Recently, Notre Dame’s athletic director said they still plan to play Arkansas in South Bend, Indiana on September 12th. Great! Well, maybe.
There are two schools of thought on whether it would be better for the Hogs if the game is cancelled because of Covid-19, or if it’s allowed to proceed. There’s a HOG argument for both.
We’ll escape a loss in a shortened season.
Depending on the service you look at, Notre Dame’s preseason rank is between #9 and #13.
The Hogs have a new quarterback (Feleipe Franks), three receivers (Trey Knox, Treylon Burks and Mike Woods) who can play with or against just about anybody and a running back in Rakeem Boyd who CAN play with anybody. If our O-line, which includes a Notre Dame transfer in redshirt sophomore Luke Jones, doesn’t get coached up in a hurry, though, those players will have a tough time showing what they can do.
Other than that, most of our offensive talent is in the freshman class. It would just be the second game and they’d be playing on arguably the biggest stage in college football. Not to be too negative here, but chances are we could be walking out of the stadium with our tail between our legs, defeated and demoralized in front of a national audience.
There’s just a lot for Arkansas to overcome, after all.
As Notre Dame beat writer Patrick Engel points out in his Arkansas-Notre Dame preview, “Pittman and his staff have an entire team that still needs time to learn if it can trust them and several major defensive holes that need plugging.”
The pandemic has prevented Arkansas from practicing this spring. While all teams have suffered this fate, it’s especially tough on teams with first-year coaches that need extra time to adjust to new game plans.
Regardless of the outcome, those young players will gain a quick understanding of what big-time college football is all about.
If Sam Pittman and his squad somehow came out of this David and Goliath-like tussle with a win, it would create a momentum for this current team unseen in the first year of a Hogs head coach since Houston Nutt’s 1998 debut. We’d gain national recognition as a team on the rise, with likely a couple of the necessary Hog heroes on early-season All-America lists.
Just like David had a game plan to hit Goliath where it hurt, our coaching staff needs to come up with a game plan to hit Notre Dame where it hurts.
We’ve all got Covid-19 fatigue — or at least I do. But, ironically, what we need is for Notre Dame to take on a strong social distancing policy and only let a third of the 80,000ish fans attend.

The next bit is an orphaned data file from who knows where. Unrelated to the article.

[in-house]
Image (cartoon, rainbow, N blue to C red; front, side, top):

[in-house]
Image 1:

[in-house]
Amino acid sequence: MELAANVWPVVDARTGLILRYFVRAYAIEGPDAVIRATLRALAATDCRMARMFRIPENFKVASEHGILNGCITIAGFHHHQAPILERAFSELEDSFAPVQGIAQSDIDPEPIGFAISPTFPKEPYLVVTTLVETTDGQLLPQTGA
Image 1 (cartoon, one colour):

We know that for sure the home crowds won’t be at capacity, unlike Arkansas where Hunter Yurachek said he’s wanting full capacity crowds. Fighting Irish athletic director Jack Swarbrick said:
“”We haven’t yet gotten to the question of how big that audience is. We won’t be at capacity. We’ll do something less than that. And we’ll be very careful about maintaining social distance. How the facility works, how you enter it, how you exit it, all things to be determined. We’re working hard on them.”
Only allowing a third of the fans would reduce the crowd noise by about 54,000 fanatics, but the empty seats it would create would be a downer for the Irish and an upper for the Hogs.
That levels the playing field…….a little bit. Certainly, less Notre Dame fans can’t hurt. If that happens, it turns into more of a mano y mano test of athleticism, skill and coaching. It seems to me that the scales tilt just a bit towards Arkansas at that point.
HERE’S THE DEAL:
Can we win? The short answer to that question is “yes.” Anyone can win on any given day.
But, we need to run into a flat Notre Dame team who mails it in, and we need to play our hearts out. Sam Pittman, Barry Odom and Kendal Briles will have them playing at the highest level at which they can play. The question is — will it be high enough?
In terms of pure talent, Arkansas is much closer to Notre Dame in its freshmen and sophomore classes than many people aware. But it’s still raw and needs to be developed.
The X-Factor is the crowd size. Obviously, it’s far less intimidating to play in front of 26,000 fans than 80,000. Better yet, playing in front of 26,000 people all separated by six feet makes it even less possible to generate a lot of noise.
Let’s hope this strange COVID-19-altered season helps the Hogs. It would be good to see stadium attendance restrictions like these still in place for the road Mississippi State game so we can hear less cowbells. And here’s to hoping they lifted in the following three weeks, in time for the home Alabama game. It sure would be nice to hear Hog calls from a fully crowded Razorback stadium once again cascade through the Boston Mountains.
Below is a great breakdown of the Hogs’ chances against Notre Dame and the rest of their 2020 opponents: